food, drinks, entertainment, a parade, and rides.  Someone said this is expected to be the largest street fair ever held.   Due to the number of people expected, parking will be nasty and people will probably have to park across the river.  I'll get pictures of the area in another week or so when I have to be down there playing a concert in the park, next to the river.

The third major event is the Midnight Fun Run, where people run 10K beginning at the University and finishing at Pioneer Park.  The only thing serious is the costuming.  The parking lot by the hockey rink is closed off to traffic and cars so people have a place to check in and get ready for the race.  The routing is cordoned off so runners do not have to fight with traffic.

After a long, cold winter with very little day light and tons of grey skies, it is great to have so much sunlight but it doesn't stop the mosquitoes from emerging and attacking anything with blood. 

Let me know what you think.  I'd love to hear from you .  Have a good solstice.

Monday, June 19, 2017

Replacing the Toilet.

Bathroom, Bad, Toilet, Bathroom Sink  This past winter, the fuel truck did not make a delivery when scheduled, nor did they call to notify us.  Here in Alaska, we rely on heating oil to run our heaters so we stay warm.

Unfortunately, this caused a few pipes to burst when things warmed up.  My house sitter was off for a few weeks at the same time.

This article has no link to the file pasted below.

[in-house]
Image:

So when I got home for the summer, there was no running water.  Got the plumber in to fix a few things so I have cold water at least.  In the process of checking out what still worked, I discovered the floater in the toilet tank had cracked. 

In addition, the pipe in the kitchen is leaking so it is one step at a time.  Back to the toilet.  I headed in to town to buy a replacement floater for the tank and a toilet seal for under the toilet.  When I got home, I was ready to attack the toilet.

I'm lucky in that a family member moved into the unfinished basement to help out, save money, and watch the house over the winter while I'm gone.  He gave me a hand.  The first thing we did was drain the water from the toilet.  In the process, I discovered the section where the water drains out was chipped and slugging off splinters.  Once everything was try , it was time to attack the bolts on the floor.  Unfortunately, they were rusted and broke off, leaving the heads under the wax ring.

At this point, I looked at the young man, he looked at me and we both knew, we needed a new toilet.   It wasn't worth trying to fix the old one.  There is a vast array of possible toilets with single flush, duel flush, 1.1 gallons per flush (GPF), 1.6 gpf, 1.28 gpf, ADA complient, circular, elongated.  I just stared at the choices.